Quitting Facebook Affects Your Brain Like This, A New Study Shows
Whether or not social media is a good or bad thing is subject to ongoing cultural debate. The mental health outcomes that can result from social media habit are sometimes troubling enough to concern researchers, who say that using Facebook is actually messing with your brain. A new study conducted by researchers from Stanford and New York University (NYU) says that quitting Facebook can yield some pretty immediate — and positive — effects.
No matter what the upside to quitting Facebook for a year might be, the study’s authors found that the average user needs a paid incentive of up to $2,000 to break the habit for a year, Benedict Carey wrote for The New York Times. According to the research paper, social media use may offer some potential mental health benefits, but it can also lead to increased rates of depression, substance use, and political polarization.
For the purposes of the study, researchers conducted a “randomized evaluation of the welfare effects of Facebook, focusing on U.S. users in the runup to the 2018 midterm election,” the paper says. “We measured the willingness-to-accept of 2,844 Facebook users to deactivate their Facebook accounts for four weeks, then randomly assigned a subset to actually do so in a way that we verified.”
In the study, shutting off Facebook increased more real time social interaction with friends and family, and lessened online activity overall — including scrolling time on other social media sites, Leily Rezvani wrote for the Stanford Daily. Additionally, deactivating Facebook accounts increased reported feelings of well-being among study participants, while also lessening “both factual news knowledge and political polarization.” Researchers also say that a large number of participants significantly decreased their Facebook usage even after the experiment was over. Participants also reported an extra hour of daily downtime, The New York Times reported.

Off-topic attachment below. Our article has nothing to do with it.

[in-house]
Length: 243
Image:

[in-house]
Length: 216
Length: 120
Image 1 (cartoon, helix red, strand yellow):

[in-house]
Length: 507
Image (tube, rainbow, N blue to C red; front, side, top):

Study participant and college student Aaron Kelly, 23, told The New York Times that he took part in the Facebook study as a way take a break, and examine the personal impact of using the platform. “For me, Facebook is one of those compulsive things,” he said. “It’s really useful, but I always felt like I was wasting time on it, distracting myself from study, using it whenever I got bored.”
“Deactivation caused small but significant improvements in well-being, and in particular on self-reported happiness, life satisfaction, depression, and anxiety,” the study’s authors report in the paper. “As a point of comparison, this is about 25-40 percent of the effect of psychological interventions including self-help therapy, group training, and individual therapy. These results are consistent with prior studies suggesting that Facebook may have adverse effects on mental health.”
But the study’s authors note that research suggests that people who are more prone to depression and mood disorders might be heavier social media users in the first place, The New York Times reported. “Previous research could not discern whether mood problems followed heavy usage, or moody people tended to be the heaviest users. The new study supported the latter explanation,” Carey wrote for the Times. Given that social media usage can be a mixed bag when it comes to the impact on mental health, noting your personal usage, and observing how your scrolling habits make you feel overall, is probably not a bad thing to look into.